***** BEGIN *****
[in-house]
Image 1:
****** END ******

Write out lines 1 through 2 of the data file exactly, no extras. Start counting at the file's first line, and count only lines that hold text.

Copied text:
[in-house]
Image 1: